**R-english – Freakonometrics**, and kindly contributed to R-bloggers)

Nineth post of our series on classification from scratch. Today, we’ll see the heuristics of the algorithm inside classification trees. And yes, I promised eight posts in that series, but clearly, that was not sufficient… sorry for the poor prediction.

## Decision Tree

Decision trees are easy to read. So easy to read that they are everywhere

We start from the top, and we go down, with a binary choice, at each stop, each node. Let us see how it works on our dataset

1 2 3 4 | library(rpart) cart = rpart(PRONO~.,data=myocarde) library(rpart.plot) prp(cart,type=2,extra=1) |

We start here with one single leaf. If we have two explanatory variable (the x-axis and the y-axis if we want to plot it), we will check what happens if we cut the leaf accoring to the value of the first variable (and there will be two subgroups, the one on the left and the one on the right)

or if we cut according to the second one (and there will be two subgroups, the one on top and the one below).

Why and where do we cut? Let us formalize a little bit. A node (a leaf) constains observations, i.e. \{y_i,\mathbf{x})i\}) for some i\in\mathcal{I}\subset\{1,\cdots,n\}. Hence, a leaf a caracterized by \mathcal{I}. For instance, the first node in the tree is \mathcal{I}=\{1,\cdots,n\}. A (binary) split is based on one specific variable – say x_j – and a cutoff, say s. Then, there are two options:

- either x_{i,j}\leq s, then observation i goes on the left, in \mathcal{I}_L
- or x_{i,j}> s, then observation i goes on the right, in \mathcal{I}_R

Thus, \mathcal{I}=\mathcal{I}_L\cup\mathcal{I}_R.

Now, define some impurity index, in some node. In the context of a classification tree, the most popular index used (the so-called impurity index) is Gini for node \mathcal{I} is defined as G(\mathcal{I})=-\sum_{y\in\{0,1\}}p_y(1-p_y)where p_y is the proportion of individuals in the leaf of type y. I use this notation here because it can be extended to the case of more than one class. Here, we consider only binary classification. Now, why p_y(1-p_y)? Because we want leaves that are extremely homogeneous. In our dataset, out of 71 individuals, 42 died, 29 survived. A perfect classification would be obtained if we can split in two, with the 29 survivors on the left, and the 42 dead on the right. In that case, leaves would be perfectly homogneous. So, when p_0\approx1 or p_1\approx1, we have strong homogenity. If we want an index to maximize, -p_y(1-p_y) might be an interesting candidate. Further more, the worst case would be a leaf with p_0\approx1/2, which is exactly what we have here. Note that we can also writeG(\mathcal{I})=-\sum_{y\in\{0,1\}}\frac{n_{y,\mathcal{I}}}{n_{\mathcal{I}}}\left(1-\frac{n_{y,\mathcal{I}}}{n_{\mathcal{I}}}\right)where n_{y,\mathcal{I}} is the number of individuals of type y in the leaf \mathcal{I}, and n_{\mathcal{I}} is the number of individuals in the leaf \mathcal{I}.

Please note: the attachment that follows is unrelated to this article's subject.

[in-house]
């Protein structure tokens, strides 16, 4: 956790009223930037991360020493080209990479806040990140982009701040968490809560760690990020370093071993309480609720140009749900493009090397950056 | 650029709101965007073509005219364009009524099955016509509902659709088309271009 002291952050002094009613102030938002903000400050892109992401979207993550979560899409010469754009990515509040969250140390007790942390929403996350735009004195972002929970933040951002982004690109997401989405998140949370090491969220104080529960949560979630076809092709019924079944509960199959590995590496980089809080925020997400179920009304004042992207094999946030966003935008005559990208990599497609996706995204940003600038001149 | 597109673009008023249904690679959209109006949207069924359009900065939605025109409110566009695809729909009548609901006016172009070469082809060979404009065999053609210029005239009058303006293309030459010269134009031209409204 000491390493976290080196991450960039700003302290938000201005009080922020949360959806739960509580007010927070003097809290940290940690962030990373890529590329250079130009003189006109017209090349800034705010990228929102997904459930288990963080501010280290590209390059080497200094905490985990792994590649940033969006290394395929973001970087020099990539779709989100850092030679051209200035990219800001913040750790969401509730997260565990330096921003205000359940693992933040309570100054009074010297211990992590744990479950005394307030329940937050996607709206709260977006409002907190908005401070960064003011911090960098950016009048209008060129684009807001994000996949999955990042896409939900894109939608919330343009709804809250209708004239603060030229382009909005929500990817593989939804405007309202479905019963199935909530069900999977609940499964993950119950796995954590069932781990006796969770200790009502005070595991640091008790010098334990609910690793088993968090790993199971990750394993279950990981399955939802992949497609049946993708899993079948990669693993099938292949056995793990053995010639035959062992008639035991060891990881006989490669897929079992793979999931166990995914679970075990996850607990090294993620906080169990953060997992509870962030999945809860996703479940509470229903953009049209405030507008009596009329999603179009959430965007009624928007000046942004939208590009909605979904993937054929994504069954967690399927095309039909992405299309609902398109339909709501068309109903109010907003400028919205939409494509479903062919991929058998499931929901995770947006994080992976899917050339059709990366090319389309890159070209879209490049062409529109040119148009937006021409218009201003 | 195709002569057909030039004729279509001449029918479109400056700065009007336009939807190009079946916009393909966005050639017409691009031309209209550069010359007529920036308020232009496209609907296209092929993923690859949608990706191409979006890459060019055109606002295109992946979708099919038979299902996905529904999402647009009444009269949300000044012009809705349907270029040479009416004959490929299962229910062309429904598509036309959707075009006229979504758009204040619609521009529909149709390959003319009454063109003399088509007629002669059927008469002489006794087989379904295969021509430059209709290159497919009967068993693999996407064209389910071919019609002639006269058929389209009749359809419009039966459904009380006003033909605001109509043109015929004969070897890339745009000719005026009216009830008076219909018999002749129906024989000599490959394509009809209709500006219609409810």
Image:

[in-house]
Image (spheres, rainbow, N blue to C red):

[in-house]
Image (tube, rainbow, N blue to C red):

If we do not split, we have indexG(\mathcal{I})=-\sum_{y\in\{0,1\}}\frac{n_{y,\mathcal{I}}}{n_{\mathcal{I}}}\left(1-\frac{n_{y,\mathcal{I}}}{n_{\mathcal{I}}}\right)while if we split, define indexG(\mathcal{I}_L,\mathcal{I}_R)=-\sum_{x\in\{L,R\}}\frac{n_x}{n_{\mathcal{I}_x}}{n_{\mathcal{I}}}\sum_{y\in\{0,1\}}\frac{n_{y,\mathcal{I}_x}}{n_{\mathcal{I}_x}}\left(1-\frac{n_{y,\mathcal{I}_x}}{n_{\mathcal{I}_x}}\right)The code to compute is would be